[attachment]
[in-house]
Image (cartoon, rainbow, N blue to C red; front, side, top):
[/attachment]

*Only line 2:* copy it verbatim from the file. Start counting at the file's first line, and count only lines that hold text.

Image (cartoon, rainbow, N blue to C red; front, side, top):